Not Twice, Just…
Most soundtracks are scored to solely accompany an existing story. The songs penned for John Carney’s film Once are the backbone and emotional soul of the movie. The film’s stars and resident songwriters, The Frames’ lead singer Glen Hansard and Czech musician Marketa Irglova, tell a tale of two wayward spirits adrift in misery over prior relationships.When the two characters meet they instantly establish an effortless connection and chemistry through their musical talents. On “Falling Slowly” the words build in passion, starting as a tragic murmur (“I don’t know you / but I want you”) then swelling into a heartwarming refrain (“Take this sinking boat / and point it home / we’ve still got time / raise your hopeful voice / you have a choice / you’ve made it now”) over plucked guitar and piano.
Irglova’s opening words on the solemn “If You Want Me” are enough to inspire careful introspection. As if blooming from an endless darkness, “Are you really here / or am I dreaming?” sends a chill down the spine as a stuttered drum machine tap pushes the song into epic trip-hop territory.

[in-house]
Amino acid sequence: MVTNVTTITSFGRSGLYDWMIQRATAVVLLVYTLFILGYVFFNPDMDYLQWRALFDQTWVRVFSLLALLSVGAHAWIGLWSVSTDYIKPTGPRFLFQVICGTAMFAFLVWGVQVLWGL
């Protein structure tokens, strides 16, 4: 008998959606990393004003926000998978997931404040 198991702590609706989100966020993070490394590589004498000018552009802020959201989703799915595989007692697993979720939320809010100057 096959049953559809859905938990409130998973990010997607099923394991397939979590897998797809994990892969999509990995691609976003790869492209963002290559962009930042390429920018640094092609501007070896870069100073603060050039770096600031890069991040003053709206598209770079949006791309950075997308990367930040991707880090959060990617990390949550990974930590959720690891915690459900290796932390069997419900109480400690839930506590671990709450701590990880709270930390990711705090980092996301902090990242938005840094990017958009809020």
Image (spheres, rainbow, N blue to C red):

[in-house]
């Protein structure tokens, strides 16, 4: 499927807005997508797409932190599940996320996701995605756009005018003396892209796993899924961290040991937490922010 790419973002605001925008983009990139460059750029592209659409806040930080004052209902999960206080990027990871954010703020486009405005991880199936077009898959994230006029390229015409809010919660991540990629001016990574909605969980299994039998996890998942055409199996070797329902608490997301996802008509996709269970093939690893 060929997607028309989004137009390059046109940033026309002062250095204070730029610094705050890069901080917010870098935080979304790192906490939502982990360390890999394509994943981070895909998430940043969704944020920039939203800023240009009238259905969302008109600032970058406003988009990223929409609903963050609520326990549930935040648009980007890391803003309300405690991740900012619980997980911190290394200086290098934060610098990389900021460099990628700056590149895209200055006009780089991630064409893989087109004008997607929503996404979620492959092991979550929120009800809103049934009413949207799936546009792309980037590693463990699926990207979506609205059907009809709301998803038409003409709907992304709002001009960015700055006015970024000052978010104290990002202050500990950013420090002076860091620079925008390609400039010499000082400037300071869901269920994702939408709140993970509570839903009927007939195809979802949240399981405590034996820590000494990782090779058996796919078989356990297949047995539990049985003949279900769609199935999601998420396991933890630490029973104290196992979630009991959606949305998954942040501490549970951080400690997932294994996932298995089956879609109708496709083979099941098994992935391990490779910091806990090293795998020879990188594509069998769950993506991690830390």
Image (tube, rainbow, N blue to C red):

While some tunes tackle larger existential issues of love and loss the title track “Once,” “Lies” and “When Your Mind’s Made Up” reflect purely on the unmitigated frustration of romantic failure. The last of these three features a jaw-dropping vocal rendering during the bridge before Hansard and Irglova rejoin for the line, “There’s no point trying to change it / when your mind’s made up.”
Delving deeper into past rejections, Glen Hansard’s concise “Leave” cracks open the little composure he has left and defiantly demands, “Leave / let go of my heart / you’ve said what you have to now leave,” before an unforgettable screaming climax. Using music Hansard and Irglova bridge the pit of dejection with a path to redemption. It allows them to heal, vent and unwind, allowing for clarity and progress. It’s uplifting. It’s beautiful.